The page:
Szymon
Kołodziejczyk

Bureau Veritas

When we audit a company, we carefully check various aspects of its business operations and point to areas which need to be improved if the company wants to be granted the certificate and bring benefits to both its business and image. Nevertheless, like in any other area of business activity, there are individuals who may try to misuse ISCC certification. Some entrepreneurs only wish to show us the tip of the iceberg, without revealing inconvenient aspects of their business, for example the fact that their farming or production somehow leads to deforestation or brings about a lasting change in the way in which land is used. Our auditors check everything thoroughly, so the audit may be time consuming and demanding, but it is worth the effort. Certified producers guarantee high product quality, whereby consumers can feel safe knowing that the required standards have been met. After obtaining the certificate with the logo of Bureau Veritas, a company becomes a credible worldwide business partner, who creates new product quality with regard to caring for the natural environment.

 

The biggest enterprises in the bioplastics market already have the ISCC Plus certificate. When it comes to leading global corporations from the food industry and the consumer goods industry, they are constantly increasing the content of materials of biological origin in their products, primarily when it comes to packaging. Danone and Nestle Waters declared that their goal is to be the first ones to use solely biodegradable PET bottles of biological origin. According to the announcements made by both corporations, these products are supposed to hit store shelves as early as 2020.

The packaging industry is naturally the biggest market sector which uses bioplastics and will continue to use them in the coming years. According to data gathered by ISCC, if we assume that the global production of bioplastics in 2022 will reach 244 million tonnes (in 2017 it was 205 million tonnes), then 58% of these resources will be used to make packaging, both hard and flexible. Other market segments which will use bioplastics in the future, but which nevertheless fall far behind the packaging industry, are the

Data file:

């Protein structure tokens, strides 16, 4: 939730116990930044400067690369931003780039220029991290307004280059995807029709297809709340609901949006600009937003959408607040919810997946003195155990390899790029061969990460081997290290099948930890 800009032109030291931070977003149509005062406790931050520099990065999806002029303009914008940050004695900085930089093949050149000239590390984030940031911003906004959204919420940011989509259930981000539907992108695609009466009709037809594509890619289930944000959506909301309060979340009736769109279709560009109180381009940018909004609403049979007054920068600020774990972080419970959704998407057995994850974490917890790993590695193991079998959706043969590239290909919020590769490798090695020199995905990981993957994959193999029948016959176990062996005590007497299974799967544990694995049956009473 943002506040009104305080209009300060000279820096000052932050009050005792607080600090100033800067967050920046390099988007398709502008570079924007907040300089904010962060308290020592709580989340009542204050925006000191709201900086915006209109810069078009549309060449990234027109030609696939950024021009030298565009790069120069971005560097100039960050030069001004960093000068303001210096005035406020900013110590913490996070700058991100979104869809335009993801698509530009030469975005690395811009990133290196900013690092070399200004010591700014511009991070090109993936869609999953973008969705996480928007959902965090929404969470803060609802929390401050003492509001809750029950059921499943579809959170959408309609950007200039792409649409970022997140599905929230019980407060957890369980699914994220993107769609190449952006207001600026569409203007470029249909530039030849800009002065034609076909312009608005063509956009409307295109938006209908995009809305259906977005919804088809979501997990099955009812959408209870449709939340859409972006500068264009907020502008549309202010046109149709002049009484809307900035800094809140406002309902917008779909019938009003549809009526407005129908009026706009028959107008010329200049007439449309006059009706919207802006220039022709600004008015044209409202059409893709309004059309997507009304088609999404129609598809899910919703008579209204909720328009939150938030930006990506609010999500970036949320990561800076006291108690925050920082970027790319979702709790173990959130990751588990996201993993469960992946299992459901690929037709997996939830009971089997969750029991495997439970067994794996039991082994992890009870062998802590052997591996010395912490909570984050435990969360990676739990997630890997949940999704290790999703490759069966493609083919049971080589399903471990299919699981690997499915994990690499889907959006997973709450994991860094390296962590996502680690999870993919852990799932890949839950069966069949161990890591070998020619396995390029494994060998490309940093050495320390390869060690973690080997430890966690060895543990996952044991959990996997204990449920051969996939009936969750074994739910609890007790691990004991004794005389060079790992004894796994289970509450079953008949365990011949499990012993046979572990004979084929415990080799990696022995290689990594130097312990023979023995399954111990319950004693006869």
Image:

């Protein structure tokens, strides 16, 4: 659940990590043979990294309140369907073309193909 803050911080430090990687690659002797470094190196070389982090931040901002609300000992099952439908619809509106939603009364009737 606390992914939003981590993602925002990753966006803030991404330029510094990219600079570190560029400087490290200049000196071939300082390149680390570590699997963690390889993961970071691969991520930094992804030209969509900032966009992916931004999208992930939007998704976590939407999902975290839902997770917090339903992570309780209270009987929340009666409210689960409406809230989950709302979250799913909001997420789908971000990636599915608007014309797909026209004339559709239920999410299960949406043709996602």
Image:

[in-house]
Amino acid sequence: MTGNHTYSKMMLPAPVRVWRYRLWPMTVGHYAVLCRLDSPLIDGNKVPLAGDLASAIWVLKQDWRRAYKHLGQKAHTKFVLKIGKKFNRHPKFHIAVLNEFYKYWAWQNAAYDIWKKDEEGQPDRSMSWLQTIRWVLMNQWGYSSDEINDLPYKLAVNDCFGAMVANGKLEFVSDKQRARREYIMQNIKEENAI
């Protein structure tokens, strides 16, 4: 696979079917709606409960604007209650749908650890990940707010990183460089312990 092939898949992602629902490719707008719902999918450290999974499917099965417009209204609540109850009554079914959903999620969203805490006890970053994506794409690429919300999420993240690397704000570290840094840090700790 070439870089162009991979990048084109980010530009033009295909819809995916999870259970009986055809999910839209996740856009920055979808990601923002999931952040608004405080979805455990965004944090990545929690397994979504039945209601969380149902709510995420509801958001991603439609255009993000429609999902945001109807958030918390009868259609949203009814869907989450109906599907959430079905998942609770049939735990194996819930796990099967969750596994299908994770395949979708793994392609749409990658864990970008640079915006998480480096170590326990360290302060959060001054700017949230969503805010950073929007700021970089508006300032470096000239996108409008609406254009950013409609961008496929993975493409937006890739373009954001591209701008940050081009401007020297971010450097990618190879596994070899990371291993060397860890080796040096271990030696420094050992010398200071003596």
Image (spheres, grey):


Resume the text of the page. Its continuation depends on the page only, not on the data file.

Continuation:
textile industry 10%
consumer goods 8%
automotive and transport 7%
agriculture and horticulture 5%
construction 4%
electricity and electronics 2%

The portfolio of the ISCC system also includes companies which deal with recovering raw materials from used car tires. Thanks to technologically advanced chemical processes, they can produce substances which serve as equivalents of diesel fuel. It is yet another example that circular economy can be achieved not only in theory, but also in practice. ISCC and other systems, such as REDCert2 and Blue Angel, consequently promote the idea of circular economy and sustainable development, which will gradually penetrate into subsequent sectors of the economy and business, as well as other spheres of our lives. We are at the beginning of this journey, but the revolution has already started and there is no going back if we want to survive as mankind and preserve the biodiversity of our planet.

When it comes to certification based on the ISCC Plus standard, Bureau Veritas Polska is the competence centre for all Bureau Veritas offices in the world.

Currently, Polish auditors carry out more ISCC Plus and REDcert2 audits abroad than in Poland. Previous certifications by Bureau Veritas Polska, based on both ISCC Plus and REDcert2 standards, took place in countries such as Belgium, Denmark, France and the Netherlands. Polish entrepreneurs from the plastics industry are also becoming interested in these standards. At the end of 2019, we issued the first ISCC PLUS certificate for a Polish company from this sector.